Reduced burden of childhood diarrheal diseases through increased access to water and sanitation in India: A modeling analysis

Social Science & Medicine
Volume 180, Pages 1-196 (May 2017)
http://www.sciencedirect.com/science/journal/02779536/180

Regular articles
Reduced burden of childhood diarrheal diseases through increased access to water and sanitation in India: A modeling analysis
Original Research Article
Pages 181-192
Arindam Nandi, Itamar Megiddo, Ashvin Ashok, Amit Verma, Ramanan Laxminarayan
Abstract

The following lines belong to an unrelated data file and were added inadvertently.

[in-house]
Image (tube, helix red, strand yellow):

Each year, more than 300,000 children in India under the age of five years die from diarrheal diseases. Clean piped water and improved sanitation are known to be effective in reducing the mortality and morbidity burden of diarrhea but are not yet available to close to half of the Indian population. In this paper, we estimate the health benefits (reduced cases of diarrheal incidence and deaths averted) and economic benefits (measured by out-of-pocket treatment expenditure averted and value of insurance gained) of scaling up the coverage of piped water and improved sanitation among Indian households to a near-universal 95% level. We use IndiaSim, a previously validated, agent-based microsimulation platform to model disease progression and individual demographic and healthcare-seeking behavior in India, and use an iterative, stochastic procedure to simulate health and economic outcomes over time. We find that scaling up access to piped water and improved sanitation could avert 43,352 (95% uncertainty range [UR] 42,201–44,504) diarrheal episodes and 68 (95% UR 62–74) diarrheal deaths per 100,000 under-5 children per year, compared with the baseline. We estimate a saving of (in 2013 US$) $357,788 (95% $345,509–$370,067) in out-of-pocket diarrhea treatment expenditure, and $1646 (95% UR $1603–$1689) in incremental value of insurance per 100,000 under-5 children per year over baseline. The health and financial benefits are highly progressive, i.e. they reach poorer households more. Thus, scaling up access to piped water and improved sanitation can lead to large and equitable reductions in the burden of childhood diarrheal diseases in India.